How does an en bloc sale occur?
There are generally three ways that an en bloc can go down.
Firstly, and most amicably, there may be an opportunity for a greatly lucrative sale, with the owners coming together and putting the whole bloc up for sale so as to get a better price collectively, than they would get individually.
Secondly, an outside buyer may approach a group of owners and negotiate with them to get enough people to vote and sell the whole development. Often, a battle of sorts would ensue with the owners being divided into stay and sell camps. No jokes, these things can get heated!
Thirdly, a company may approach the owners so as to buy the development, subsequently sell it to a third party and make a quick profit as the middleman.
Before the Global Financial Crisis reached the shores of Singapore (and hence before seven rounds of cooling measures were introduced), expected profits were high and the second and third way occurred most often. Indeed, buyers were widespread, and prices would often go through the roof. Today, developers are far less willing to make the jump, and quite a few developments have been going en bloc repeatedly, only to be disappointed by the lack of response from potential buyers.
The Largest en bloc Sales of Singapore
The largest en bloc sales all went down back in 2007. Most extraordinarily, 618 apartments of Farrer Court were collectively bought for $1.339 billion. Discounting all overhead costs, it amounted to a handover of $2.122 to $2.238 million per apartment. These sums are especially extraordinary seeing as though these same units changed hands for around $500,000 to $600,000 before the collective sales negotiations started. Whilst the previous owners made a hefty profit, the site has been revamped into D’leedon, a behemoth of an apartment complex with more than 1,715 high-end, luxurious, residential units.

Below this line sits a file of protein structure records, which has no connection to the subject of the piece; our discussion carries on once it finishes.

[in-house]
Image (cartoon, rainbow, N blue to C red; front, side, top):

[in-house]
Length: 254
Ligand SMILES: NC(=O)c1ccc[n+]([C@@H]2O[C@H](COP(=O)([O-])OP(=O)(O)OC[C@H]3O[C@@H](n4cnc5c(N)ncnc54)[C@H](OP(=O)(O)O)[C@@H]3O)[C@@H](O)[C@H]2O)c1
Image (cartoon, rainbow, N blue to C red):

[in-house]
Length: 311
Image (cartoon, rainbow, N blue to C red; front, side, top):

The sale and subsequent development of D’Leedon is interesting for more than its astronomical price tag. Indeed, it follows the familiar en bloc narrative; a relatively uninspiring or not-too-amazing bunch of apartments is bought by courting its owners with attractive compensation. Next, the entirety of the complex is wholly revamped into a more expensive condominium complex, built high into the sky.
Apart from the monster sale of Farrer Court, there were more noteworthy en bloc sales all of which occurred before 2007:
- Leedon Heights (Today known as Leedon Residence) was sold for $835 million
- Grangeford Apartments (today known as the Twin Peaks) was sold for $625 million
- Gillman Heights (today known as the Interlace) was sold for $548 million
- Anderson 18 (today known as the Nouvel 18) was sold for $478 million
Most recently on 1 June 2017, HUDC estate Eunosville was sold for $765 million to to MCL Land, the second-highest price ever registered for such a plot.
That silver lining 🙂 …
At the end of the day, en bloc sales can either be a blessing or a curse; depending on how you view it, it can be a welcome financial windfall, or a violation of your private property rights. Whilst it is always unsettling to find oneself within a dissenting minority, forced against one’s will to part with one’s property, there may be a silver lining in that we are in Singapore, where there is enough prime real estate to go around – and as for that golden handshake, it may very well come in handy once you decide to take another look at the real estate market.
If you found this article helpful, 99.co recommends What happens after the en bloc craze dies down and En bloc Potential: 7 Reasons why a Collective Sales Tender Fails.